The Flash Mob is a band that had no problem finding its groove. Formed from the remnants of Boondok Saints and Ultrachronic, the outfit got off to an auspicious start providing main support for the Flobots and hasn't looked back. A song the players wrote the first time they practiced together, "By My Side," has already appeared on a comp alongside Sublime and Slightly Stoopid, and the group has opened for Ziggy Marley. We caught up with the guys — guitarists D. Scott Morris and Wayne Alden, bassist Dave Crotser, drummer Matt Fink and frontman Kyle Ingram — at their rehearsal space on the eve of the release of their debut EP, Common Thread.
Westword: How do you write your songs? Is it a collaborative effort?
Kyle Ingram: Absolutely. Someone will play a melody or whatever in practice, and we'll just build on it. Everyone brings their own style.
The Flash Mob
The Flash Mob CD-release show, with Umconscious and DJ KAAOS, 8 p.m. Saturday, July 11, Walnut Room, 3131 Walnut Street, $7-10, 303-292-0077.
What's your day job?
Matt Fink: I'm a detail manager for Jeep. The car industry are a bunch of scumbags. You can say that in the paper; I don't care.
Dave Crotser: I'm a rocket scientist.
[pause, then some laughter]
MF: He's not kidding.
What's your position on covers?
MF: Covers are for the crowd. Especially when you're at the point we're at, they're great for catching people's attention.
D Scott Morris: It's a blast to do somebody's music in your style.
Where do you see yourselves in a year as a band?
Wayne Alden: We'd like to release our full-length by next fall. We've definitely got plenty of material. I'd say four albums' worth.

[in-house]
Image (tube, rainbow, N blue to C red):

KI: In the meantime, it's all about spreading the word, having fun.
Where's the best place to listen to Common Thread?
MF: At the skatepark, or snowboarding. My dad lives in Hawaii, and every day he listens to it as he's walking out to the beach. The other day he called me and said he got to the sand just as the sun was rising, and there was this tortoise. And the light hit its shell, and right then "Happy Ending" started. He told me it was the perfect day.
DSM: I like to listen to it while I'm walking through the woods. It's kind of a diverse set of songs. Out there, you can just kick back.
But it's definitely better to listen to it outdoors.
DSM: Yeah, definitely. It's sort of a mixture of Colorado and California.
Why should people support local music? What do you tell your friends when you're trying to convince them?
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KI: It's just more personal.
WA: Denver is a great city for music. Very music-friendly for bands and fans. I can't believe more bands aren't getting signed.
DC: You're fighting to get heard, so you're writing your best stuff.
DSM: There really is a sense of community. Out in L.A., there are a lot of bands, but everything is so competitive. Here, we'll give each other a leg up, help a band when we can, and they'll return the favor. It's the sense of community that inspires me personally.